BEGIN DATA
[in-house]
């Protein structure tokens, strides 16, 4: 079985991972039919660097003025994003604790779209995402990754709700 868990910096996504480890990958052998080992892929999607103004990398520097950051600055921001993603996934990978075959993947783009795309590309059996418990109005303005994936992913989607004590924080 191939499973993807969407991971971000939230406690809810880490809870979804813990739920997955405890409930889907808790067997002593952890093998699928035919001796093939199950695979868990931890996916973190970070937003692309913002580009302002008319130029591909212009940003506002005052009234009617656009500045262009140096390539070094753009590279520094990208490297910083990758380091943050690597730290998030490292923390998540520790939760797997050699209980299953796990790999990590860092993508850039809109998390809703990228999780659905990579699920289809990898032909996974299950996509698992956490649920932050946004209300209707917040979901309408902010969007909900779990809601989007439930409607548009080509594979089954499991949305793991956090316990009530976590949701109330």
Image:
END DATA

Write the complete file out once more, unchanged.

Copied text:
[in-house]
């Protein structure tokens, strides 16, 4: 079985991972039919660097003025994003604790779209995402990754709700 868990910096996504480890990958052998080992892929999607103004990398520097950051600055921001993603996934990978075959993947783009795309590309059996418990109005303005994936992913989607004590924080 191939499973993807969407991971971000939230406690809810880490809870979804813990739920997955405890409930889907808790067997002593952890093998699928035919001796093939199950695979868990931890996916973190970070937003692309913002580009302002008319130029591909212009940003506002005052009234009617656009500045262009140096390539070094753009590279520094990208490297910083990758380091943050690597730290998030490292923390998540520790939760797997050699209980299953796990790999990590860092993508850039809109998390809703990228999780659905990579699920289809990898032909996974299950996509698992956490649920932050946004209300209707917040979901309408902010969007909900779990809601989007439930409607548009080509594979089954499991949305793991956090316990009530976590949701109330």
Image: